August 3, 2012
There are a variety of approaches to developing business, and many different conversations that can strengthen or damage a relationship. Here are three common approaches, only one of which stands a chance of succeeding:
Lawyer A, who asks: “So, tell me what your company does” is viewed as unprepared — not a trait clients particularly look for when hiring their lawyer. Clients resent this lack of preparation, especially since the lawyer invited the client to lunch to try to sell him something.
Lawyer B, who spends the lunch hour talking about herself and her firm. (In kindergarten we called this Bragging. Why do we think that having an advanced degree changes this into Marketing? It’s still distasteful.) Successful salespeople talk less and listen more. Experts claim that a salesperson who does more than 20% of the talking will not succeed.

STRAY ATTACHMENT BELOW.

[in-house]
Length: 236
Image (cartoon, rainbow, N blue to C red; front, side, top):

Lawyer C, who has done his homework on the company and can ask more specific questions to flesh out some of the most likely opportunities wherever they happen to exist, and discover possible additional opportunities. This lawyer says, “I see that you are considering expanding into a new market, have you considered that . . . .”
Today, with the massive amount of information available online, there’s no excuse to be unprepared. Fill out a Google Alert (www.google.com/alerts) in your client’s name to get regular updates regarding their activities. Depending upon the size of the company and how frequently they’re in the news, you might find that you need to restrict the search terms. Try it.